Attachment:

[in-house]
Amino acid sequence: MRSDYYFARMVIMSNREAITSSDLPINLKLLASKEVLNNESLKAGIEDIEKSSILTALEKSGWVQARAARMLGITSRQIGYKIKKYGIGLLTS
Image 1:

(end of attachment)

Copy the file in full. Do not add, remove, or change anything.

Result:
[in-house]
Amino acid sequence: MRSDYYFARMVIMSNREAITSSDLPINLKLLASKEVLNNESLKAGIEDIEKSSILTALEKSGWVQARAARMLGITSRQIGYKIKKYGIGLLTS
Image 1: